If you’re going to be fat and in the public eye, you have to embrace it. And I made it my full-time thing. I built a temple out of my shame and built my identity around my weight. I’m outgoing. I like an audience. I’m an entertainer, musician, writer, speaker and rock show announcer. I made “not caring” an art form. I did a job that I loved and my attitude towards personal decay helped me do it outstandingly. I even got laid from time to time. Not as often as I’d have liked, but I managed it. I was charming. Which is crucial if you’re gonna get away with needing custom-size undies through varsity and well into your mid-20s. I was the fat guy, I was Captain Beer and I was the best at it.
Then, suddenly, I wasn’t anymore.
Three years ago, I might have walked up to your busy table on a Friday night, confidently smiled at one of the women present, and said something like, “It’s your lucky night, love! Your place or mine?” There would have been roars of laughter, handshakes and I’d have made some new friends. Highly unlikely that I’d have gotten any nookie for my troubles, but even less likely that I’d have had my nose broken either. Fat people are hysterical when they are confident and loud. You can make jokes at your own expense and entertain everyone. You are the plus-sized guy, the joker, the funny one.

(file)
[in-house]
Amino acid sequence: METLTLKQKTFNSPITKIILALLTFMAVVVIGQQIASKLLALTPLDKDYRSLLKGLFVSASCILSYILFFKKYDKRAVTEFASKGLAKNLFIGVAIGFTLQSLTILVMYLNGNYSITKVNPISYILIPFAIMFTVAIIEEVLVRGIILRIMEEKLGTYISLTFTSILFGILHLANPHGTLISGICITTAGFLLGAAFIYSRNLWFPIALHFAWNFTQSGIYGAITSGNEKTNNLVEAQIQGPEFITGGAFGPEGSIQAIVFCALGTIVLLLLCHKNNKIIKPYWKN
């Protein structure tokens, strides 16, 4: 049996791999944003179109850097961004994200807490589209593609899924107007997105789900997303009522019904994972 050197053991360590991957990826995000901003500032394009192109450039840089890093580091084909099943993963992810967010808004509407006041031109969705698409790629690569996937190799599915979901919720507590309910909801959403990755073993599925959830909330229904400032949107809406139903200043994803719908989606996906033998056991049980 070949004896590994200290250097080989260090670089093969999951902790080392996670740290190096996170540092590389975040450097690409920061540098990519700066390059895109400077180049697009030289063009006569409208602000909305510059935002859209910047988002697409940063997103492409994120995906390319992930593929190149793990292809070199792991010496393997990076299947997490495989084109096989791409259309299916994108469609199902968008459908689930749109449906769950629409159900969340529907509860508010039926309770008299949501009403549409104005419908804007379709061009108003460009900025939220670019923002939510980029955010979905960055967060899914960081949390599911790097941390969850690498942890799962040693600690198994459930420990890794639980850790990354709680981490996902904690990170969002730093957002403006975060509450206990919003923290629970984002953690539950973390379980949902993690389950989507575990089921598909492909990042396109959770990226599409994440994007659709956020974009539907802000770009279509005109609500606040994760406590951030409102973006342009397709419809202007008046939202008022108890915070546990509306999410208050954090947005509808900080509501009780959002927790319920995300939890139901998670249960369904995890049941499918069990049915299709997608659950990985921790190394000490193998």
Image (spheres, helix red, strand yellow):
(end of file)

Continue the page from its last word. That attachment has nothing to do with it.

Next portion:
I have now learnt that the same approach will likely see the lady in question slap me, if the guys at the table don’t take it upon themselves first. I had a lot of these new lessons to learn, most of which teenage boys figure out in their early teens. Another realisation: women are often far keener on “no-strings” action than you might think.
Were it not for the associated physical health risks, I’d recommend that every man spend at least three years of their young adult life seriously overweight. It teaches you manners, tenacity, strategy, patience and, critically, to deal with rejection; something fat dudes need to get used to. You develop charisma. Because you’re never going to walk into a club, scan the surroundings, and notice three ladies noticing you. Not for good reasons, anyway.
It’s hard getting laid when you’re the level of fat where small children are either fascinated by you, terrified, or both. The kind of overweight where everyone wonders how a woman has ended up beside you. I am grateful to every woman who ever dated me back then. All of them are still my friends. And all of them know they can count on me if they need to.
Drowning In a Sea Of Plenty
Women have to see past the horror of your exterior, all the way through to who you are underneath. Then, they have to deem you worth it. It’s deeply traumatic, getting your kit off – especially for the first time – when you’re that big. You’re acutely aware of how wobbly, unnatural and huge everything is. And, on that note, how not huge other things look by comparison.